Sprinkled across the kingdom's central waters, the Ha'apai Group is an idyllic South Pacific paradise - low coral islands, vibrant reefs and kilometres of deserted white beaches fringed with coconut palms. Traditional culture is not something you pay an entry fee to experience in Ha'apai - it's all around, unexploited and alive. You won't find the distractions of shops, nightspots (or even running water at times) but those willing to forgo the trimmings reap the rewards. Even bare-brass budgeters can walk across a reef for a slice of paradise in a fale (traditional thatched house) on a large patch of sand. And only a scattering of tourists visit each year.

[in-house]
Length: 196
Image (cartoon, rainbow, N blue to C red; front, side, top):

Of its 62 islands, 45 are uninhabited, including pyramidal Kao and its smoking partner, Tofua - venture to the remote shores of Tofua, hike up its Jurassic Park-cum-moonscape crater and peer into the glowing caldera. Lifuka's more accessible diving sites hold their own in the diversity stakes too. Divers enter a whole new realm exploring blackened walls laden with colourful corals, while pelagics rise from the depths nearby. Whale-watching is largely an incidental experience while travelling between islands, though low visitor numbers allow you to view the mammals without the crowds. A kayaking adventure through the islands is one of the most exhilarating adventures the world offers.
The languorous pace of life in Ha'apai has led many of its residents to relocate to Tongatapu or more distant shores in search of further opportunities, keeping the population of the island group low. People here largely subsist on agriculture and fishing: 'Uiha's fish and seafood ends up on the plates of the kingdom's finest restaurants.